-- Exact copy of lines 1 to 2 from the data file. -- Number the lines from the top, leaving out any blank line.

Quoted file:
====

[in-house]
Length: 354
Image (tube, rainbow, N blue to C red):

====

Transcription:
[in-house]
Length: 354